New survey reveals significant variations in practice manager pay across GP practices, with huge regional variations and a pay gap of 21% in favour of men in England – although Wales kick this trend
A survey of practice manager salaries has revealed that a gender pay gap exists in GP practices.
The survey of over 500 practice managers from across the country by Robert Campbell, a retired practice manager and former president of an NHS trade union, and Practice Index, the UK’s leading forum for GP Practice Managers, revealed that the pay gap could be as large as eight per cent.
The survey found that male practice managers are paid, on average, £41,445, while their female counterparts earn £38,114.
The survey also highlights some interesting regional variations in pay gaps. In England, for example, the average male practice manager’s salary is £42,334, while the average female salary is £33,421, a pay gap of 21%. In Scotland the average male salary is £38,902, while the average female salary is £32,081, creating a gender pay gap of 17%.
In Wales, however, the picture is very different. The average salary for female practice managers is £37,047, while male managers average a salary of £34,965, resulting in a female-positive gender pay gap of six per cent.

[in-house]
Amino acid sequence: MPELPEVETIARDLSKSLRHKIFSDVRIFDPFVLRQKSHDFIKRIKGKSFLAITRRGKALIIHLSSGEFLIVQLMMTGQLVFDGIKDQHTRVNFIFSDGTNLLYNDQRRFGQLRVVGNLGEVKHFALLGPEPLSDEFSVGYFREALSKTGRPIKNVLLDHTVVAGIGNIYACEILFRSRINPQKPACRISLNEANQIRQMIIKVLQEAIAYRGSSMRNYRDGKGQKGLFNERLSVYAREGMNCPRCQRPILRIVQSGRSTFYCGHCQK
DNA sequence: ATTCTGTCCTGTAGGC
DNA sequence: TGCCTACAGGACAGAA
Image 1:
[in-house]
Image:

Insufficient data was gathered to make any confident claims for Northern Ireland.
While the pay gap is of concern, the report highlighted some huge variations in pay when comparing practices with similar list sizes.
For example, some practices with a list size of 8,000 pay their practice manager £24,000 per annum, while another paid £58,000 – much more than many managers are earning in larger practices.
“Our survey highlights the fact that there is a gender pay gap within the profession, which is never welcome,” commented James Dillon, Managing Director of Practice Index. “There’s never any excuse for variations on pay based on gender, so we would like to see more done by the various organisations within the NHS, and individual practices, to ensure pay equality.”